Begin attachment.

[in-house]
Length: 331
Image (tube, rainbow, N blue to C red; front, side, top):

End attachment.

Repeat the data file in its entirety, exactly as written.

[in-house]
Length: 331
Image (tube, rainbow, N blue to C red; front, side, top):